Enid has produced several athletes, including NFL football players Todd Franz, Steve Fuller, Ken Mendenhall, John Ward, Jeff Zimmerman, Jim Riley, and the CFL's Kody Bliss. Brothers Brent Price and Mark Price became NBA players, and Don Haskins is a Hall of Fame basketball coach. USSF soccer player Andrew Hoxie, Major League Baseball pitcher, Lou Kretlow, Olympian and runner, Chris McCubbins and Stacy Prammanasudh an LPGA golfer all were born or lived in Enid. Austin Box
The Enid Harvesters (active from 1920 to 1924) were named as the 20th-best minor league farm team ever by Minor League Baseball. They had a 104-27 record in the 1922 season. The Harvesters along with their earlier counterparts the Railroaders were members of the Western Association. During the 1951 season, the team was an affiliate of the Houston Buffaloes, and were known as the "Enid Buffaloes" to match.
The Enid Majors youth baseball team won the American Legion Baseball World Series in 2005.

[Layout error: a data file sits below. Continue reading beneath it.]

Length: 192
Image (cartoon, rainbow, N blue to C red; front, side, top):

Several Enid teams played in the National Baseball Congress championships, winning the championship in 1945 by the Army Air Field (runners up in 1943 and 1944), in 1940 and 1941 by the Champlins, and in 1937 by the Eason Oilers (runners up in 1938).
Phillips University baseball teams, coached by Enid native Joe Record, went to the NAIA World Series three times during his tenure as head coach (1952–1981). Record was the NAIA Coach of the Year in 1973, and was inducted into the NAIA Hall of Fame in 1975.
The Northern Oklahoma College Enid Jets baseball team were conference champions in 2002, 2003, and 2005. They were Region II champions in 2002 and 2004, and runners up in 2009. They were Southwest District Champions in 2002, and also received third place in the NJCAA World Series in that year.
The Oklahoma Storm USBL franchise called Enid home. Through their eight years in Enid (2000-2007 seasons), they won their division more than once and the USBL Championship in 2002.
The Enid High School Plainsmen have won six state football championships (1919, 1942, 1964, 1965, 1966 and 1983). They went to the Oklahoma State Championship football game in 2006 and lost to the Jenks Trojans.
The Phillips University football teams, coached by John Maulbetsch, beat the University of Oklahoma and University of Texas football teams and lost only one game in the 1918 and 1919 seasons.  When Phillips defeated Texas 10-0 in Austin, Texas, in October 1919, the Longhorns had not lost a game since 1917.